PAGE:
It’s me, not her

R and I spent several hours Tuesday afternoon at her new daycare/preschool. She had spent an hour or so there with her father last week while I was in Savannah. This visit served a dual purpose – helping ease R’s transition to her “new school” and helping me continue the process of letting her go.

I think the plan has been successful on the first point – R asked if she could go to her new school again on Wednesday morning. On the second point, I’m afraid it may have made things a little worse. As I alternately sat quietly in a corner of the classroom or watched from outside, I saw R as she interacted with her new teachers and classmates – or, more accurately, played by herself in corners of the room opposite where everyone else was congregating.

There were glimmers of intermingling – she seemed to like one teacher, Miss Courtney, quite a lot. And she sat with the other kids during story time. And she played with the play-doh alongside the other 2-year-olds. But most of the time, she was off on her own, exploring, getting into things, making a mess.

I know this is normal. The center director assured me that she’ll get into the routine in a few weeks, following the other kids. She may have some rough patches, even several weeks into the transition. But I think Monday will be a rough day for everybody, with R in a new place away from all her friends and her beloved second Mommy, me wondering if she’s sitting by herself clutching a Lego and Dave sitting in the city-county building waiting for his juror number to be called.

I also know that this will teach her so many things that I never learned as a child. This will teach her resilience, independence and that life sometimes changes unexpectedly. And she will learn that no matter what, Mommy and Daddy will keep her safe and always love her.

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5 Responses to It’s me, not her

  1. vixensden says:

    The letting go is the hardest part. I am still confused in my head about MacD being a dad. I realize after reading this that it means I will have to let go. And apparently my head was not prepared to do that.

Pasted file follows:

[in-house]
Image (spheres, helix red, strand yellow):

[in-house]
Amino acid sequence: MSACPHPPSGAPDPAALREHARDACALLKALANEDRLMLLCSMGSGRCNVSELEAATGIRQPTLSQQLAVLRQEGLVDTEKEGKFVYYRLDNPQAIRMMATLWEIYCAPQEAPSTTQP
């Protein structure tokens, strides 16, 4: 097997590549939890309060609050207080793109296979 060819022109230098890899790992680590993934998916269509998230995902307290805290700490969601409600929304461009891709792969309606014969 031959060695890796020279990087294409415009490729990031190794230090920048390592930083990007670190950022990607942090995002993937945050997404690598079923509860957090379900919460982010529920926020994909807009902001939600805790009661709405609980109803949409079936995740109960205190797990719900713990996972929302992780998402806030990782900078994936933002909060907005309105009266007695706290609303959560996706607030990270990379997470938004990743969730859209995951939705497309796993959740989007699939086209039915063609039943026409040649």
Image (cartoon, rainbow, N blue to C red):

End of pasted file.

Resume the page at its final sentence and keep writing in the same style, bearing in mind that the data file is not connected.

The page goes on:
2. Victoria says:

    It’ll get easier for all of you as time goes on. My parents (and most, I’m sure) would tell you that even after the kids got older, Mom and Dad would still sit and wonder how they were getting along with everyone, whether they liked their teachers, whether their day was going as it should. It’ll be okay.

  3. Mar says:

    I keep telling you this mommy stuff is hard, but does get easier for the most part. (Knock on wood I didn’t just jinx myself!).

    At least she went and explored and didn’t hang onto your leg screaming bloody murder about you leaving her there.

  4. Erin says:

    Here’s the child development expert in me: Two year olds do not play with each other. They play next to or near each other. True cooperative play does not show up until 4 or 5 years of age. Kiddos in day care or preschool start to develop these skills earlier because they are put in more social situations. She’ll warm up soon enough.

    As for the letting go…I can’t even imagine how hard this is. I’m always amazed when people drop their kids off to me when they don’t even know me! Just ummm, don’t kiss the teacher….we don’t like that!

  5. skiplovey says:

    Sounds like it’s going pretty well. Like Mar said, she could have cried the whole time which she didn’t so I’m mark that up as a positive.

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